Morris: Picking a Court Nominee
A presidential candidate promises to put a woman on the Supreme Court. Some idealists say it is identity politics at its worst. But pragmatists know it is a naked political strategy, meant to address weakness in a certain segment of the constituency.
Ha, ha, got you. I’m talking not about Joe Biden’s pledge that will result in the court’s first black female justice and get him back in the good graces of his zealous leftist base, but about Ronald Reagan’s pledge that made Sandra Day O’Connor the first woman on the court and shored up his support with female voters.
Just trying to get you ahead of the curve on where this conversation will go. Republicans will decry the sins of woke politics, pointing out along the way the irony of the court hearing an affirmative action case at a time when the newest justice is an affirmative action appointment. Democrats will dish out a giant helping of the logical fallacy tu quoque, which is Latin for, “So’s your old man!”
In addition to Reagan, Democrats will surely drag George Herbert Walker Bush into the debate. When it came time to replace Thurgood Marshall on the bench, Bush did not pledge to replace him with another black man, but to do otherwise would have required the kind of political bravery that does not get one to the White House.
Bush kept insisting that, despite the narrowness of his search, the resulting pick of Clarence Thomas gave us the most able constitutional scholar imaginable, a claim that was met with widespread derision. Biden will make the same claim, and get the same reaction.
Republicans just lucked out with Thomas in that he turned out to have a brilliant mind and a fierce devotion to constitutional principles. Some of the arguments he’s made in dissent will live long after the political turmoil that spawned them.
Joe Biden should be so lucky.
Presidents do not always get what they expect in a judicial appointment. Just consider Dwight D. Eisenhower, who chose unassuming moderate Republican Earl Warren, who joined the court and promptly turned the country upside-down with a series of decisions that used the Constitution as a living-document plaything.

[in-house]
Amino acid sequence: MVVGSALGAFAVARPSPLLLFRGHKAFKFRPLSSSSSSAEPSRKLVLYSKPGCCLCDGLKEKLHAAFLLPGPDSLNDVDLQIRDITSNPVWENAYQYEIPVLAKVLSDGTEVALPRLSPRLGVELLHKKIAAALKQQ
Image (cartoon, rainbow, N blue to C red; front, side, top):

I’m reminded of a scene in “Bananas,” one of the films from Woody Allen when he still made comedies.
The brave, defender-of-the-downtrodden head of the freedom fighters has just won the war to liberate his country from the evil dictator’s whims and makes his first speech as the new president:
“From this day on, the official language of San Marcos will be Swedish. Silence! In addition to that, all citizens will be required to change their underwear every half-hour. Underwear will be worn on the outside so we can check. Furthermore, all children under 16 years old are now . . . 16 years old!”
There was a lot of crazy lurking in that freedom fighter, and all it took to bring it out was the sudden realization that he was now supreme leader for life. Not unlike the crazy that can be unleashed in a Supreme Court justice who suddenly grasps the implications of a lifetime judicial appointment.
This brings up a serious point. For the good of the country, we do need the best nominee, and for that to happen, a president needs to search the widest possible field. Any time the search field is narrowed, for whatever reason, the odds of getting the best candidate are reduced.
That is the essence of the whole affirmative-action debate. Supporters insist they are widening the field to include previously overlooked groups. The truth is that they are narrowing it by ensuring that those previous groups get no serious consideration this time around.
And we generally get what we aim for. If the goal is the best people possible, we will have that but are guaranteed nothing else. If the goal is the most diverse group possible, we will have that but are guaranteed nothing else. We can insist on individual rights, one of those pesky constitutional principles, or throw it overboard. Pick one.
Ha, ha, got you. You probably think I was referring to the fact that, in committing himself to choose a back female lawyer, Biden was narrowing the field of candidates to about 2 percent of the population. I meant his nominee will likely come from an even smaller percentage, lawyers who graduated from Yale or Harvard, which also describes every current court member but one,
The exception is the newest member, Amy Coney Barrett, who graduated from Notre Dame Law School in South Bend and was on the faculty there when tapped by Donald Trump. How in the world did she sneak in?
Don’t get me wrong. I’m glad a Hoosier is on the court, even a non-native who came to Indiana later in life. She’s certainly more representative of the state than Chief Justice John Roberts, who grew up and went to private school here before moving on and becoming just another Ivy League member of the ruling class. Judging from their actions on the bench so far, we are much less likely to see latent crazy erupting from Barrett.
But she is a lawyer.
The Constitution doesn’t require justices to be lawyers. It doesn’t require anything in fact, not regarding age or gender or race or even citizenship. We could, following the advice of William F. Buckley, just pick someone at random out of the phone book, if we still had phone books. That would truly widen the field to everyone in the United States.
Which, yes, I know, means we would likely get a nominee that knows little and cares less about the Constitution.
Like that’s never happened.
Leo Morris, columnist for The Indiana Policy Review, is winner of the Hoosier Press Association’s award for Best Editorial Writer. Morris, as opinion editor of the Fort Wayne News-Sentinel, was named a finalist in editorial writing by the Pulitzer Prize committee. Contact him at email@example.com.